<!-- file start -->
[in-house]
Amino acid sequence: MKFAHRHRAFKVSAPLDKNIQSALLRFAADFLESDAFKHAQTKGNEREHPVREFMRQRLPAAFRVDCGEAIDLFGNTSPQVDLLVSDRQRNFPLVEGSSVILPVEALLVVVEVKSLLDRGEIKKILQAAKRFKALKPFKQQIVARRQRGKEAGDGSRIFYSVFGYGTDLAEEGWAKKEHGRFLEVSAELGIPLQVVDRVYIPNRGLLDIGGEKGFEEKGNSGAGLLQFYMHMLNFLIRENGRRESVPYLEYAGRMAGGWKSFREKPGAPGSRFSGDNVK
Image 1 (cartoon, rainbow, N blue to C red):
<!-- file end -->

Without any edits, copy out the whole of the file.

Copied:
[in-house]
Amino acid sequence: MKFAHRHRAFKVSAPLDKNIQSALLRFAADFLESDAFKHAQTKGNEREHPVREFMRQRLPAAFRVDCGEAIDLFGNTSPQVDLLVSDRQRNFPLVEGSSVILPVEALLVVVEVKSLLDRGEIKKILQAAKRFKALKPFKQQIVARRQRGKEAGDGSRIFYSVFGYGTDLAEEGWAKKEHGRFLEVSAELGIPLQVVDRVYIPNRGLLDIGGEKGFEEKGNSGAGLLQFYMHMLNFLIRENGRRESVPYLEYAGRMAGGWKSFREKPGAPGSRFSGDNVK
Image 1 (cartoon, rainbow, N blue to C red):